In central Illinois, today is the first day of Spring. Now, before you grow confused and rush to check the calendar, let me explain that I don’t mean it’s the first calendar day of Spring. It’s only Spring according to the weather outside.
You know what I mean. After months of bone-numbing cold interspersed with ice storms, blizzards – and those weirdly irritating things the weathermen call “Canadian clippers” that can cause your nose and ears to drop off in an inkling – you wake up one morning to find the sun’s warmth gently caressing your face through the glass; the needle on the outdoor thermometer, frozen for months in the ‘fifty degrees below absolute’ position has miraculously sprung up overnight to the balmy sixty degree mark, and a quick glance out the window reveals wildlife everywhere hard at it ravishing each other while simultaneously choking on mouthfuls of nest-building material.
Today is the first day of Spring in central Illinois.
For most of my sixty years on this planet, today was when it all began again. To a young foal, born in the depths of winter and struggling to survive, the first touch of spring sunshine breathes life and energy; it’s warmth, the touch of a magic wand casting out winter weakness and replacing it with the verve of life itself.
On me, however, for the last four years, that magic wand has cast only the spell of depression and heartache.
In the gentler, milder climate of my native home, the first Spring day is a herald of bounteous growth and balmy summers, eventually to be followed by the glorious tints and mellow fruitfulness of autumn. Nine wonderful months of a yearly cycle that saw me seldom settled indoors before eleven in the evening, on all but those most inclement of warm, rainy days so necessary to the freshness and unique greenery of my homeland.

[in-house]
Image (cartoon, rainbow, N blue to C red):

Five years ago I moved to central Illinois to be with the woman I loved. It was mid-September, still hot and humid, but with the promise of cooler, Fall weather on the way. It snowed on Christmas Eve and presented me with my first white Christmas since childhood. Through the ongoing bitter cold of those early months of 2003 I looked out on the “yard” of our new home, planning and planting in my mind’s eye the garden that would blossom into loveliness over the coming summer. By that ‘first day of Spring’, half our kitchen floor was awash with seed trays sprouting infant annuals and perennials to grace the borders, once dug out and suitably fertilized.
That task kept me occupied most of the Spring, along with re-staining the deck and laying new irrigation hoses. By May, the garden was prepared and planted with new shrubs and perennials, interspersed with young annual plants to flower and fill out the sparse areas till more permanent residents became established.
It was a blow when the first violent storm smashed everything to the ground. Sad but not daunted, for I knew Mother Nature requires no convalescence and would quickly repair the damage, the mess was cleared; broken young boughs mended. Before long, it was as if the storm had never been.
The next one did even more damage, and it became obvious some plants could never survive this oft-repeated onslaught. The dead were mourned, and replaced with perhaps less glamorous but more robust specimens.